The superficial loss rule defines certain circumstances when capital losses are denied. The details of the superficial loss rule are discussed here:

What Is the Superficial Loss Rule?

Here we’ll expand on the superficial loss rule by discussing some cases when a loss can be partially denied instead of being denied in full.

When the quantity of property reacquired (or pre-acquired or remaining) in the superficial loss period is equal to the quantity of property that was sold, the superficial loss rule denies the capital loss in full. However, in some cases where these quantities (i.e., the number of shares or units) are not equal, the superficial loss rule will sometimes allow a portion of the capital loss to be claimed while the remainder is denied. The Canada Revenue Agency describes its position on applying the superficial loss rule to the partial disposition of shares in section 12 of interpretation bulletin IT-456R:

When more items are sold than acquired, an allowable capital loss will occur. For example, if a taxpayer having initially 50 identical properties on hand sells 20 items at a loss and reacquires 15 in the relevant period, thus reducing the properties on hand to 45, the superficial loss will be limited to the 15 properties considered to be reacquired.

The partial application of the superficial loss rule can be explained in different ways, depending on the circumstances. For certain cases, the application of the rule is simpler than in others. The rule will be described below in the context of a couple classes of simpler cases, followed by a general formula that can be applied for more complex cases. The simpler cases are the following:

- When shares are sold at a loss and then partially reacquired within the superficial loss period
- When shares are purchased and then partially sold within the superficial loss period

**When Shares are Sold at a Loss and then Partially Reacquired within the Superficial Loss Period
**

This is the case where you own *A* or more shares, sell *A* shares at a loss (more than 30 days after the last acquisition date), and then reacquire *B* shares (within 30 days after the sale date) where *B* is less than *A*. No other sales or acquisitions occur during the superficial loss period.

In cases like this, the superficial loss rule will be applied based on the proportion of shares reacquired compared to the number of shares sold. If more shares are reacquired than sold (*B* > *A*) then the entire capital loss would be deemed a superficial loss. Let’s look at the following example (commissions are omitted for simplicity):

Example 1

- Buy 100 shares at a total cost of $300.00 ($3.00/share) on January 2, 2015
- Sell 100 shares with total proceeds of $200.00 ($2.00/share) on April 9, 2015
- Buy 25 shares at a total cost of $55.00 ($2.20/share) on April 10, 2015
- Shares are held for at least 30 more days and no other transactions on identical property occur within the 61-day superficial loss period

From the sale on April 9, 2015 a loss of $100.00 is realized ($200.00 – $300.00). However, since 25 shares are reacquired on the following day and the reacquired shares are held for at least 30 more days, the superficial loss rule applies. According to the CRA’s administration of the rule for the partial disposition of shares, 25% (25 / 100) of the loss would be denied. A capital loss of $75.00 can be claimed, while the remaining $25.00 would be deemed a superficial loss and can be added to the adjusted cost base of the reacquired shares (making the total ACB of the reacquired shares ($25.00 + $55.00) = $80.00).

In cases where the number of shares reacquired (*B*) is greater than the number of shares sold (*A*) then the superficial loss rule will deny the entire capital loss. In the example above, if 100 or more shares were reacquired instead of 25 shares, then the loss would be fully denied.

In cases like this where *B* is less than *A* then the following formula can be applied to determine the superficial loss:

Superficial Loss = (B / A) x (Total Loss) = ((Number of Shares Reacquired) / (Number of Shares Sold)) x (Total Loss)

The allowable capital loss can be found by subtracting the superficial loss from the total loss:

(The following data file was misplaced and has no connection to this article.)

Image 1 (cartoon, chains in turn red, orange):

Allowable Capital Loss = Total Loss – Superficial Loss

**When Shares are Purchased and then Partially Sold within the Superficial Loss Period
**

This is the case where you purchase *A* shares, and then sell *B* shares at a loss within the superficial loss period (within 30 days following the acquisition date) where *B* is less than *A*. No other sales or acquisitions occur within the superficial loss period.

In cases like this, the superficial loss rule will be applied based on the proportion of shares remaining compared to the number of shares sold. If more shares are remaining than sold ((*A* – *B*) > *B*) then the entire capital loss would be deemed a superficial loss. Let’s look at another example (commissions are omitted for simplicity):

Example 2:

- Buy 100 shares at a total cost of $300.00 ($3.00/share) on April 9, 2015
- Sell 80 shares with total proceeds of $160.00 ($2.00/share) on April 10, 2015
- The remaining shares are held for at least 30 more days and no other transactions on identical property occur in the 61-day superficial loss period

From the sale on April 10, 2015 a loss of $80.00 is realized ($160.00 – ($300.00 x (80 shares / 100 shares))). However, since the shares were acquired on the previous day (within the superficial loss period) and the remaining shares are held for at least 30 more days, the superficial loss rule applies. According to the rules for partial disposition of shares, 25% (20 / 80) of the loss would be denied. This means that a capital loss of $60.00 can be claimed, while the remaining $20.00 would be deemed a superficial loss and can be added to the adjusted cost base of the remaining shares (making the total ACB of the remaining 20 shares (($300.00 x 20 / 100) + $20.00) = $80.00).

In cases where the number of shares remaining (*A* – *B*) is more than the number of shares sold (*B*) then the superficial loss rule would deny the entire capital loss. In the example above, if 50 or fewer shares were sold instead of 80 shares, the loss would be fully denied. In other words, in cases like this, when less than half the shares are sold then the loss is fully denied. When more than half the shares are sold then the loss is partially denied.

In cases where (*A* – *B*) is less than *B* (more than half the shares are sold) then the following formula can be applied to determine the superficial loss:

Superficial Loss = ((A – B) / B) x (Total Loss) = ((Number of Shares Remaining) / (Number of Shares Sold)) x (Total Loss)

The allowable capital loss can be found by subtracting the superficial loss from the total loss:

Allowable Capital Loss = Total Loss – Superficial Loss

**When Multiple Acquisitions and/or Multiple Dispositions Occur Within the Superficial Loss Period**

When the superficial loss period (the time window beginning 30 days before and ending 30 days after the date of disposition) contains multiple sales and/or multiple acquisitions then it can become more complex than the two types of scenarios described above.